Teen substance use prevention is being discussed by officials from The Way Out Recovery Rehab Santa Clarita and Drug Free Youth in Santa Clarita Valley (DFY in SCV).
“The teenage years are, in my opinion, probably the most stressful time in our life,” said Bob Sharits, The Way Out Recovery SCV’s program director. “Most drug use starts between the ages of 12 and 17, and at that age I think we’re the most vulnerable.”
School districts in Santa Clarita have partnerships with DFY in SCV “to educate and empower students to make good choices, leading towards positive and healthy behaviors,” according to officials.
“It’s a prevention effort, and what it does is it helps kids to really sort of be proud to be sober, encourage others to be sober and make sober the cool thing,” Sharits said. “If we could get that message out to more and more kids at a younger and younger age, less and less people are going to end up coming through my door.”
As the head of DFY in SCV’s junior high school programs, Casey Miller aims to talk about common teen issues and celebrate that the program’s teens have decided to be sober.
During her junior high years, members of Miller’s family struggled with addiction, and she is taking that experience to help her relate to the program’s teens.
“It’s so important to reach out as that relatable person and that friend that can be there for them,” she said.
The leader of DFY in SCV’s high school programs, Liz Arambula, also had family members struggle with addiction when she was an adolescent, and she aims to tell the program’s teens that it doesn’t make them any less of a person as a result.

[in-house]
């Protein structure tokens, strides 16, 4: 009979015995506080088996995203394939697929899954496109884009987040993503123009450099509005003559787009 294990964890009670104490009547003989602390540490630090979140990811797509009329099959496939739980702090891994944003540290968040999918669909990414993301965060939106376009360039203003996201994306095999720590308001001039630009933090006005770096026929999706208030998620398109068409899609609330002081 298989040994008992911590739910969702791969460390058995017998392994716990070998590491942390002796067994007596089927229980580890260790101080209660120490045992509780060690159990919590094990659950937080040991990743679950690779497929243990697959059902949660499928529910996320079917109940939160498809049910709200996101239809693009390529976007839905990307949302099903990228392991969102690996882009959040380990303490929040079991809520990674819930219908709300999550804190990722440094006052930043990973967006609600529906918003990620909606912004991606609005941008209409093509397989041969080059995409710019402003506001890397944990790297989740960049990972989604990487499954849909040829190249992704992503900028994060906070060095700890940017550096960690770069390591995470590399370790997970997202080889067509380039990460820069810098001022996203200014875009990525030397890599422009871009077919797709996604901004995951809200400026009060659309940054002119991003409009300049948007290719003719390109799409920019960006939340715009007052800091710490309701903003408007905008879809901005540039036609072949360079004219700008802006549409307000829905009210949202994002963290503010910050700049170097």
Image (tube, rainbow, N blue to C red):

“Just because you know someone in your family, or your parents or sibling who may have struggled with addiction, … it doesn’t make you any less of a person,” Arambula said. “You still have the same opportunities that everybody else has, and maybe you have a bigger platform to talk to people about it, because now we’re in this program where it’s okay to talk about it openly. We’re not hiding it anymore.”
Personal shame often prevents teens and adults alike from opening up to others about their struggles, according to Sharits, so a program like DFY in SCV acts as an importance safe space for students.
“I envision this world where we can walk around and talk openly about what’s going on with us without a backpack full of shame,” Sharits said. “Wouldn’t it be nice to get past that?”
DFY in SCV isn’t only for teens who are close with someone struggling with addiction, however, and is also for teens who want to stop using or commit themselves to sobriety before they’ve ever used, according to Arambula.
“We have students that come to us from all walks of life,” she said. “Those that are impacted negatively because they know someone who is using, those that have already used and need a way out, and those that are just curious and want to reap the benefits of being sober. I think that’s the beauty of the program, is that we’re helping everybody.”
For more information about DFY in SCV, click here.